I don’t like wearing pink and cute stuff. I usually play violent video games while girls brush their hair. I am an adventurous gal.

There are four things that make my name unusual.

My favorite team in the NFL is the Chicago Bulls. I was born in Chicago. I love swimming in the deep end.

One thing that makes me special is that I know how to be helpful.

When I grow up I want to be a golfer, singer, and dancer.

I love to travel to places. I love museums, and I have an interest in math.

I am special because I like to swim, I love animals, and I like to play hard songs on the piano.

What makes me special is that I was born in Switzerland. I can ride tandem with my dad on a surfboard.

I like to daydream while I am at school. When I grow up I want to be a scientist and study marine life.

I want to be an actress and a writer. I like making up stories for everything. I even make up stories for games.

I am unique because I love homework, absolutely, positively love math, and I love going to school. There isn’t a better place I could be at.

I can do a 360 on my bike and I can climb trees that are really high.

Away from the kids for over a month now, I smile as I think about their beauty and innocence. Is it human nature to remember the good stuff and forget the many challenges, annoyances, and irritations we, teachers, deal with daily?

14 May 2012

Let's discuss our next book in Codilupo, Italy

Last spring Linda, a member of my book group, brought her Italian sister, Ann, to one of our meetings. Ann enjoyed herself so much that she offered to host a bookgroup meeting whenever we could all get over to her place in Italy. Ann lived and worked in Florence, but she had a weekend home out in the countryside, which she thought would be a fantastic venue. The idea had irresistable allure and we immediately gave it serious consideration, crazy as that might appear. And quite incredibly, a year later five members of our book group found ourselves at Ann’s spacious, medieval stone house in Codilupo.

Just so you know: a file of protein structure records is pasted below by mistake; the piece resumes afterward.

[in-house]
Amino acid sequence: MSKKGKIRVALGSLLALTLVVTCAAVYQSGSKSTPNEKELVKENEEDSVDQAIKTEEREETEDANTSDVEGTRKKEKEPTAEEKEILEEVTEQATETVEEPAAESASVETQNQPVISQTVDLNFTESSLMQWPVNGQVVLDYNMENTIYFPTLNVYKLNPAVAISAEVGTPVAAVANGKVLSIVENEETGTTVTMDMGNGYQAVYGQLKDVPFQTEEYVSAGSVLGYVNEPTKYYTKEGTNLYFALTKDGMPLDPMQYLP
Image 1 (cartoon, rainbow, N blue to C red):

After my oh so wonderful week in Paris, I got on a plane and flew across the Swiss Alps to Pisa.
From there I took a train to Prato, the big city near Ann’s tiny village of Codilupo. Ann and Linda were waiting for me at the train station with bright smiles. It was a warm, sunny spring day. The scenic drive along the steep, windy mountain road to Ann's place set the tone for a most enjoyable two day party. Jen, Chris, and Leslie, the three other book group members from Santa Barbara, drove in from Rome via the Chianti Valley bearing bottles of Brunello di Montalcino.

Ann pointed out the plaque on the garden wall in front of her sister, Gina's house when we arrived. Gina and Ann live on the same property, a few hundred meters from each other. The houses on this estate were built in the 13th century. 

This is the view from outside Gina's house. Codilupo is in the mountains outside of Florence. Even though this is Tuscany, the vegetation is subalpine. The mountain slopes are covered with deciduous trees, which were still mostly bare when we were there. A few blossoming fruit trees provided cheerful color to the pretty scenery.

So, don't look for lanky cypresses and ancient olive groves here.

This is Gina's house. The interior is every bit as charming as the exterior promises. Gina is an artist and everything, from the furniture, to the paint colors, to the home items, is carefully selected and arranged. Even the staircase leading to the upstairs rooms is a work of art. On our first night Gina prepared a sumptuous meal which we relished in her huge farmhouse kitchen.

Ann lights the fire in Gina's kitchen as dinner is being prepared. The hearth is enormous, creating an ambience of intimacy in the spacious farm style kitchen. As the sun disappears the temperature up here in the mountains plummets. We're sitting around a long, wooden table, grateful for the warmth from the fire as Leslie, Jen, and Chris gush about the Sistine Chapel and other great sights they'd just visited during their two days in Rome. 

Time to open up the Prosecco. Gina was busy adding the finishing touches to the fagiole. There was a traditional version, made with cured ham, and a vegetarian version for me.